Lancaster City Council was briefed on the police department’s body camera program Tuesday, ahead of the scheduled rollout of the pilot phase next month.
Body cams are “just another tool in our toolbox,” and their limitations should be recognized, Chief Jarrad Berkihiser said.
“A camera captures images,” he said. “A camera can’t feel the physiological effects that an officer feels” when he or she is in a threatening situation.
Berkihiser was joined by Ben DeRites, senior regional manager for Axon, the city’s body cam vendor. Axon was previously named Taser International after its flagship line of stun guns; it rebranded in 2017.
Here are some questions and answers based on Berkihiser’s and DeRites’ presentation:
What kind of cameras are the police getting?
DeRites showed council members the Axon Body 2 cameras, which can record up to 70 hours of video onto a 64-gig solid-state hard drive. They have a 143-degree field of view, low-light capability advertised as the industry’s best, two microphones optimized to pick up voices and battery life of 12 hours or better.
They are waterproof, dustproof and can withstand a drop of 6 feet onto concrete. They come with a five-year, no-questions-asked warranty, DeRites said.
The city’s contract includes replacement of its dashcams, which will switch on automatically when a police vehicle’s siren or emergency lights are activated.
How do they work?
In standby mode, the cameras continuously buffer, so the lead-ups to incidents are recorded. Departments typically configure the buffer to 30 seconds.
All body cams in the vicinity switch on automatically when an officer draws a firearm or takes the safety off a stun gun. In addition, officers can switch the cameras on and off manually in accordance with department policy.
What is department policy?
In general, officers will be required to turn on the cameras before undertaking any law enforcement action, Berkihiser said. They have the option to turn them on during other interactions with the public.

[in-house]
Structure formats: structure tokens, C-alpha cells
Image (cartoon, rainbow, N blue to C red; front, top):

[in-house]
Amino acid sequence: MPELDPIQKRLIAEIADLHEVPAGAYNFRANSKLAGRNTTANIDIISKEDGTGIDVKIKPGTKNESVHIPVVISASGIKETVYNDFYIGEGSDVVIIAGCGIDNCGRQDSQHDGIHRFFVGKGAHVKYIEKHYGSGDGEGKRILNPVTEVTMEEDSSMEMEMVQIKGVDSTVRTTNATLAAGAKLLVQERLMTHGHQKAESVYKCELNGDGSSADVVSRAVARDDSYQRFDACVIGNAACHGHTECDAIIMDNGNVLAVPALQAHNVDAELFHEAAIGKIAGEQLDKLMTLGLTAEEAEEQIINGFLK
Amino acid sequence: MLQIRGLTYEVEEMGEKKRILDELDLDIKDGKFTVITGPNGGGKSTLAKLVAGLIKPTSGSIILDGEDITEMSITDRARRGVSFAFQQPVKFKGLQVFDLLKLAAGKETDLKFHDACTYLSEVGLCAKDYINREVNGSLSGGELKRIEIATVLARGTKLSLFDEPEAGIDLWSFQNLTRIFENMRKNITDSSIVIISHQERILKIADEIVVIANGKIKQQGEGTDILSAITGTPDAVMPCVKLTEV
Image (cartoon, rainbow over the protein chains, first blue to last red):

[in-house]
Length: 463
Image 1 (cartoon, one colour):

Officers can turn off the cameras once incidents are complete. They can turn them off in certain other circumstances, such as when a witness does not want to be recorded.
Officers will be trained to record a brief explanation each time they turn their camera on or off.
When officers enter a residence with their body cameras switched on, they are to notify the occupants that they are being recorded as soon as is safe and feasible to do so, in accordance with state law.
The city’s policy is a work in progress, Berkihiser said. “I expect we’ll have some growing pains.”
Review and fine-tuning will continue throughout the pilot program and even afterward as needed.
Where will video footage go?
It will be uploaded to cloud storage after officers’ shifts. Only city police will have access to it. Axon’s cloud security is tight, and hackers have been unable to breach it, although they’ve tried, DeRites said.
How will requests for footage be handled?
Pennsylvania’s Act 22 of 2017 governs body cam usage. It specifies that Right-to-Know requests for footage must be made within 60 days. To be on the safe side, Lancaster plans to keep it for at least 75 days, Berkihiser said.
Act 22 allows departments to withhold release of footage related to an ongoing investigation if it can’t be redacted to safeguard the evidence it contains. Whether or not footage is redacted for release, the original, unredacted footage always remains on file.
What is the timeline for deployment?
There will be 12 officers in the pilot program, Berkihiser said, and they will be trained in early November. Officers are deployed in four 12-hour shifts, so typically there will be three officers with body cams per shift.
Training of the rest of the force will begin in early 2019. Full deployment is expected in the spring. All sworn officers will be issued cameras, including himself, Berkihiser said.
How much will it cost?
The cost over five years will be $1.3 million, Berkihiser said. The department is hoping to offset some of that amount with a U.S. Department of Justice grant.
The cameras have a 2 1/2- to three-year lifespan, so the department expects to replace them midway through the five years and again at the end, he said.